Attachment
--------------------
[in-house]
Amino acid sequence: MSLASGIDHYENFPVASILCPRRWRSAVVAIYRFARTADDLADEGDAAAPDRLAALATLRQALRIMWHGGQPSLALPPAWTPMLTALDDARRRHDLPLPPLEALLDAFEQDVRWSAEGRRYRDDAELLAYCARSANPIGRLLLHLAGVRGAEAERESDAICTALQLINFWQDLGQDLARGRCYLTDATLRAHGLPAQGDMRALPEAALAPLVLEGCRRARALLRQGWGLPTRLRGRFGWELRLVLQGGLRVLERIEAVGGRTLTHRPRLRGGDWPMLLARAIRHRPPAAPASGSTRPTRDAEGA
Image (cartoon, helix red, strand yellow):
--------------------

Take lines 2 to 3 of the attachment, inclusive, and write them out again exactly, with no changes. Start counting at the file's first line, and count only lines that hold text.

Amino acid sequence: MSLASGIDHYENFPVASILCPRRWRSAVVAIYRFARTADDLADEGDAAAPDRLAALATLRQALRIMWHGGQPSLALPPAWTPMLTALDDARRRHDLPLPPLEALLDAFEQDVRWSAEGRRYRDDAELLAYCARSANPIGRLLLHLAGVRGAEAERESDAICTALQLINFWQDLGQDLARGRCYLTDATLRAHGLPAQGDMRALPEAALAPLVLEGCRRARALLRQGWGLPTRLRGRFGWELRLVLQGGLRVLERIEAVGGRTLTHRPRLRGGDWPMLLARAIRHRPPAAPASGSTRPTRDAEGA
Image (cartoon, helix red, strand yellow):